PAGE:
Before last year, the town was most famous for claiming to be the home of America’s first rodeo in 1869; now, it’s Steel’s contentious proposal.
Steel’s involvement in the drone ordinance has antagonized many of the town’s residents, including some of those who support the measure.
“I agree with the Fourth Amendment rights (argument), but I don’t like him,” said one resident waiting by the pump at the Deer Trail Phillips 66 gas station. She declined to give her name for fear of causing trouble.
The proposal to legalize drone hunting by selling licenses appealed to Fields purely as a source of income, the mayor said, because the town’s coffers are bare and residents can’t agree to pass a sales tax.
“A little bit of free money is going be good, we thought,” said Fields, 57. “Evidently, nobody wanted that either. … Now people are trying to oust me and the town clerk because we went kind of far.”
After a little prodding, Fields acknowledged that the town clerk is, yes, also his wife. That’s just the kind of place Deer Trail is.
There are no drones flying over Deer Trail, it should be mentioned. At midday, when everybody is at work, there is hardly even any traffic: All you might hear is the snort of a horse fenced in somebody’s yard, or the croak of a rooster.
“Across the board, very good people,” said Arapahoe County Sheriff Grayson Robinson, who is retiring at the end of January. “I’m very proud to serve every one of them. There’s a bit of an independent streak out there, which I have no objection to.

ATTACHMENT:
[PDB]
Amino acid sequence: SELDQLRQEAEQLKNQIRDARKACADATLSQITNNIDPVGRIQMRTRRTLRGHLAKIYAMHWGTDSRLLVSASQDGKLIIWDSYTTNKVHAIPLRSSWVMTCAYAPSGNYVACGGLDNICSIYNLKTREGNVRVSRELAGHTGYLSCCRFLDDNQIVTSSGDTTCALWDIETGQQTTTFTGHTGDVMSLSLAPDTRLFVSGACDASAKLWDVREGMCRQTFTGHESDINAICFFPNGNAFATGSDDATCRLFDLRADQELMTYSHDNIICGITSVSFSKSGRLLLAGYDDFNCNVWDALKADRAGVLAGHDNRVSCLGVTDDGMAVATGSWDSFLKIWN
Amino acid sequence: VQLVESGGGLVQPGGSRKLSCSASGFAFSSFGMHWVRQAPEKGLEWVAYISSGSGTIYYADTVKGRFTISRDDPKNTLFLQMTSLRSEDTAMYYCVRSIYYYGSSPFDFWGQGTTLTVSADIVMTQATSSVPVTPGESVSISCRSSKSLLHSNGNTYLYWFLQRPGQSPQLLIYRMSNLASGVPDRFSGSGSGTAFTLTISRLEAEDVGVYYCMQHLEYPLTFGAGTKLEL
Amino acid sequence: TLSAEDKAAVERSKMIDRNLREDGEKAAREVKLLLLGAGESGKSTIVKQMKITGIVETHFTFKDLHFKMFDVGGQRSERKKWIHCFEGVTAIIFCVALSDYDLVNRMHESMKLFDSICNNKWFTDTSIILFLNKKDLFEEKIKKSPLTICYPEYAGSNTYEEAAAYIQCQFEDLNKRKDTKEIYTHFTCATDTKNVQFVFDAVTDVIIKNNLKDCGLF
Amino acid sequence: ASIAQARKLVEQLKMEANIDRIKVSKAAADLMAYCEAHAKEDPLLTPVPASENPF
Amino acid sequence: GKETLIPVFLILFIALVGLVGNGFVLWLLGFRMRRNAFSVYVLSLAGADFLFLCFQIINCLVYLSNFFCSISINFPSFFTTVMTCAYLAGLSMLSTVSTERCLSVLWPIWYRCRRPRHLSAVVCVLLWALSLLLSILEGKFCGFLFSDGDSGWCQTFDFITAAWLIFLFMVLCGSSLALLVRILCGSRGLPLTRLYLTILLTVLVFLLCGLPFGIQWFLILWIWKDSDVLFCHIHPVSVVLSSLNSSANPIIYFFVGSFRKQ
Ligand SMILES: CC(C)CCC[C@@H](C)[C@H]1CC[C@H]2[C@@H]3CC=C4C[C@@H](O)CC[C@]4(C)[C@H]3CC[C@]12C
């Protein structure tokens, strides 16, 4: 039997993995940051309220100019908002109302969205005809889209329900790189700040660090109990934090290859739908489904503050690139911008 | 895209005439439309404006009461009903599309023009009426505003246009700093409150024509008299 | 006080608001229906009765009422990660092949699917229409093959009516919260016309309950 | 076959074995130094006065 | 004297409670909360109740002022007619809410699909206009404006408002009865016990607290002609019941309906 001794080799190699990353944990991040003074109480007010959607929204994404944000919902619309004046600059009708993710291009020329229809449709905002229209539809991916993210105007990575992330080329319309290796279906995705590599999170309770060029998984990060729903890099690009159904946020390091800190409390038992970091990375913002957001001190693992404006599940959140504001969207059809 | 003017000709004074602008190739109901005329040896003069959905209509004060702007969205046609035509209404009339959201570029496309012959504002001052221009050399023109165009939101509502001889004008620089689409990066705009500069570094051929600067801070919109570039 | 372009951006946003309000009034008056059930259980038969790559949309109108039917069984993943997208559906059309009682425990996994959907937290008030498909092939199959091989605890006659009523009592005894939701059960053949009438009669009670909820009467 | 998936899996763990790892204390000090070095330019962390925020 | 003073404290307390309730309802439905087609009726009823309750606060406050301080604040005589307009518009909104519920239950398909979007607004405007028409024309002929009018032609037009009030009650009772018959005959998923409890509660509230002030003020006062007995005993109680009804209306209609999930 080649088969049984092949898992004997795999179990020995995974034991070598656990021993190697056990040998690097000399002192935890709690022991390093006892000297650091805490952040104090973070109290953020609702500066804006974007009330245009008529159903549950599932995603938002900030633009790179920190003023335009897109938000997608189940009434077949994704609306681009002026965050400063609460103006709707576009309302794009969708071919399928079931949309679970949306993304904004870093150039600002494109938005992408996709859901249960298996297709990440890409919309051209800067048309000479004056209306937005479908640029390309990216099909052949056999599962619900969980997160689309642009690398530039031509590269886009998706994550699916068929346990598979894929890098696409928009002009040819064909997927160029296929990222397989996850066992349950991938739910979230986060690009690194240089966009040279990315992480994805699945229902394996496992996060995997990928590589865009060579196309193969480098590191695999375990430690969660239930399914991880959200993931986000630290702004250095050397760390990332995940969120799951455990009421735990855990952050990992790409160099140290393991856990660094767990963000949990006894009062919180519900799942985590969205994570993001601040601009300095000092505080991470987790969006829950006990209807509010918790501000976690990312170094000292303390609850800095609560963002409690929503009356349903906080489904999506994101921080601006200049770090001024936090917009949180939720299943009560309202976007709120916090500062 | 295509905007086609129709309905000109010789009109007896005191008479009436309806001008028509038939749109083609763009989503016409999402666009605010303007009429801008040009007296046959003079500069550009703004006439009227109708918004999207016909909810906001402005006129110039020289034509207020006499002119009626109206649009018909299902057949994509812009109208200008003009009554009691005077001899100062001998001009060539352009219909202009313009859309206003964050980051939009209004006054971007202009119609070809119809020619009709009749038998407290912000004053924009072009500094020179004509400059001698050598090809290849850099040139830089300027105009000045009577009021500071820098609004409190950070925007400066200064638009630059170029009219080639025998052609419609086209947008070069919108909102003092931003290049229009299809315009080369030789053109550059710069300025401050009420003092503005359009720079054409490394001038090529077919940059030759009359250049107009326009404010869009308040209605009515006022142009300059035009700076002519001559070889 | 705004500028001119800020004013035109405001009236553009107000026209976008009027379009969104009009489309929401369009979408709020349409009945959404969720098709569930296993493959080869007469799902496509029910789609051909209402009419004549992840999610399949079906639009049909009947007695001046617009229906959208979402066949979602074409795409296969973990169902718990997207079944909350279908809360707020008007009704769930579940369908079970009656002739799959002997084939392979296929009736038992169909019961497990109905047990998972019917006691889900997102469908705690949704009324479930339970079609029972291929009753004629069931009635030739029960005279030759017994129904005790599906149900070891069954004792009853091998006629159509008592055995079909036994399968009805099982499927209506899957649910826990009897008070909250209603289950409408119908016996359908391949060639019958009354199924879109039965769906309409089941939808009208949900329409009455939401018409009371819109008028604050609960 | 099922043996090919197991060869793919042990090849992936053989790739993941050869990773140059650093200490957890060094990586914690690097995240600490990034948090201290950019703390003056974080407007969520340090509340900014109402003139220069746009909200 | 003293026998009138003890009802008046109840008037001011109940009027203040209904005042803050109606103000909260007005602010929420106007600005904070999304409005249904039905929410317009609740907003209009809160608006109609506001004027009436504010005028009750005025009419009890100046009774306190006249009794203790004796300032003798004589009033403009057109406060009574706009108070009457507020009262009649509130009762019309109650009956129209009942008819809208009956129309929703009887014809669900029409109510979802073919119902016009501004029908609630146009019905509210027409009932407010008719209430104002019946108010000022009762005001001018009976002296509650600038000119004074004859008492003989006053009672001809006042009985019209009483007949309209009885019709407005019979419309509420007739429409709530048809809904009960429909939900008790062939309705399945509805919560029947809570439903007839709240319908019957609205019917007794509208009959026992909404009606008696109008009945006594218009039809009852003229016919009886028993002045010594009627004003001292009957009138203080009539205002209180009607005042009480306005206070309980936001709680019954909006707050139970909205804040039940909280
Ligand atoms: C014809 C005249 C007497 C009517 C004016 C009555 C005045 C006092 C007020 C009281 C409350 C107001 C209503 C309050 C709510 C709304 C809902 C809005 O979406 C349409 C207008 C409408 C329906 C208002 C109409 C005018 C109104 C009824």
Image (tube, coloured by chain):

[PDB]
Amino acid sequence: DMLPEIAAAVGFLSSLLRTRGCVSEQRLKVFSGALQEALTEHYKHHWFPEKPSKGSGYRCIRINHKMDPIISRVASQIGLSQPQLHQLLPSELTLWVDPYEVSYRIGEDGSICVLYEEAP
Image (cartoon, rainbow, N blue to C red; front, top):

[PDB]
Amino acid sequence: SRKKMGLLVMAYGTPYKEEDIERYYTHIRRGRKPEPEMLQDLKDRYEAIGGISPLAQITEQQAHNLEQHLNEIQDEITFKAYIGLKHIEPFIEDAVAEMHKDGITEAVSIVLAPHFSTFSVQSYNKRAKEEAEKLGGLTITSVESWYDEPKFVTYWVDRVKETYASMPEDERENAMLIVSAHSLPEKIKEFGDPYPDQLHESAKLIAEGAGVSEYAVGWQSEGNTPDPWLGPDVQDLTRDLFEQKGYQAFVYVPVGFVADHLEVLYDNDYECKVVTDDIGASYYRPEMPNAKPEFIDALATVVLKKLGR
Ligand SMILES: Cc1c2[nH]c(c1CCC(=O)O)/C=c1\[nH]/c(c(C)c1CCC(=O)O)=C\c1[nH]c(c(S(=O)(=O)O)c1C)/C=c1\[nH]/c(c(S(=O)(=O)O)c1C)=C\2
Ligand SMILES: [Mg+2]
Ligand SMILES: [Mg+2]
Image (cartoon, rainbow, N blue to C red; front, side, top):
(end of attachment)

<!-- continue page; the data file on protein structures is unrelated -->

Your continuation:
“But,” the sheriff adds, “I obviously object to the ordinance.”
Domestic drones are coming. The Federal Aviation Administration is working on plans to integrate drones into civilian airspace as soon as 2015. It has taken notice of Deer Trail’s proposal.
“A (drone) hit by gunfire could crash, causing damage to persons or property on the ground, or it could collide with other objects in the air,” the FAA said in a statement. “Shooting at an unmanned aircraft could result in criminal or civil liability, just as would firing at a manned airplane.”
But these arguments — and especially Amazon’s recent announcement about considering drone package deliveries — only bolstered Steel’s quest.
“You think they’re the only ones?” Steel said of the Amazon drones. “There will be millions of these. … Which drones are being flown by drug dealers? … Burglars who want to case neighborhoods? If you can also deliver a pizza, you can deliver a bomb, anywhere — at a crowded football stadium, at the Boston Marathon.”